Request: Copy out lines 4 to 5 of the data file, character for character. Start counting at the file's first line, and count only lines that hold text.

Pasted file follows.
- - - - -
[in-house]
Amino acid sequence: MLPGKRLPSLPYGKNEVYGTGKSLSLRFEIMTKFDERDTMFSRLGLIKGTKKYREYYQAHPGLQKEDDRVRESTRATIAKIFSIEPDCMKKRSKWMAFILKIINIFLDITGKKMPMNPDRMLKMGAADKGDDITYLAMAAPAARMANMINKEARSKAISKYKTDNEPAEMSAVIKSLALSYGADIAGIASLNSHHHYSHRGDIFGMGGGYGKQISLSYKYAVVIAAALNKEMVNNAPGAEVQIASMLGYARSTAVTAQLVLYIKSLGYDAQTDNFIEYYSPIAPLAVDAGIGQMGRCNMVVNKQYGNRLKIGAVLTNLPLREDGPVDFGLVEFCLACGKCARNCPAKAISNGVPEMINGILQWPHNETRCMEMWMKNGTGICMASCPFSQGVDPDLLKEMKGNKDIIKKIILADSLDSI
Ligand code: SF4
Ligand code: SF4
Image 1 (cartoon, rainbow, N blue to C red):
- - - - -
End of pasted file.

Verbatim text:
Ligand code: SF4
Image 1 (cartoon, rainbow, N blue to C red):